The Korean hub of Busan saw total container traffic expand 13.7 percent in February compared to a year earlier.
Exports and transshipment cargoes handled at the North Asian transshipment center each soared by 16.7 percent year-over-year, while imports expanded 5.4 percent.
However, compared to January of this year, exports increased just 5.6 percent, while transshipment cargoes, affected by the early Chinese New Year, contracted 18.1 percent.
Busan Port Authority expects to handle more than 8.2 percent traffic growth in 2012 after posting a gain of 14 percent year-over-year in 2011, when some 16.2 million 20-foot equivalent units passed over its berths.
Busan handles around 75 percent of South Korea’s container traffic each year and saw more rapid growth than the four container ports worldwide — Shanghai, Shenzhen, Hong Kong and Singapore — that also boast annual throughput of more than 15 million TEUs. Shanghai was the next best performer last year with growth of 9.2 percent. Shenzhen’s growth was negligible, Hong Kong managed 3 percent and Singapore grew just over 5 percent.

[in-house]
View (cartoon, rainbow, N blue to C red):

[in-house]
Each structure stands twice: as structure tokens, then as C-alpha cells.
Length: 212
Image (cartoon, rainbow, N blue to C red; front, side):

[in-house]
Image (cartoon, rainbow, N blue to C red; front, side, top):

“Unlike many larger ports in other countries, Busan is very rarely affected by adverse weather conditions or fog,” said Ho Chul Park, Busan Port Authority’s Marketing Director.
“A port closed due to bad weather means extremely high excess fees for the shipper forced to wait until the port is re-opened, as well as disruption to global shipping schedules and routes.
“Stability and reliability are extremely important factors to consider for shippers selecting ports of call.”
He forecast that Busan’s transshipment traffic as a proportion of total throughput would rise from 45% now to 60% by 2020.
“Busan Port aims to continue to increase its status as the Northeast Asian transhipment hub of choice,” he added.
Contact Mike King at firstname.lastname@example.org.